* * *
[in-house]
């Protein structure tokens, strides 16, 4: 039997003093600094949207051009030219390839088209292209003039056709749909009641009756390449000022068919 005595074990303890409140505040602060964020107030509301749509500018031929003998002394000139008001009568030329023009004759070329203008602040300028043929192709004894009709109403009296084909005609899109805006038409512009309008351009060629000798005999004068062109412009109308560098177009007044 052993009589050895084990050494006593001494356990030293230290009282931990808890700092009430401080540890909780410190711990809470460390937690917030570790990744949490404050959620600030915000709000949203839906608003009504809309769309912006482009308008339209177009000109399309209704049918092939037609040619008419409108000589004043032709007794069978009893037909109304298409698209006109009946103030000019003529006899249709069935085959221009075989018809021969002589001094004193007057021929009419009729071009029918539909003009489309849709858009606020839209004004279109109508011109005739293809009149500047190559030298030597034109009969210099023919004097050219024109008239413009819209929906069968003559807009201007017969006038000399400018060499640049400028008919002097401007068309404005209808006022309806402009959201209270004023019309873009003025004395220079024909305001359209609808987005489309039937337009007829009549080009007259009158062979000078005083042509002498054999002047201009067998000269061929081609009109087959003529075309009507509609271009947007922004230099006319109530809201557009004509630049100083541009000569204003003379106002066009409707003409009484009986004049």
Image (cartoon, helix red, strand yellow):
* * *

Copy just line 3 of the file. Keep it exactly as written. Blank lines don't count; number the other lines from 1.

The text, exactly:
Image (cartoon, helix red, strand yellow):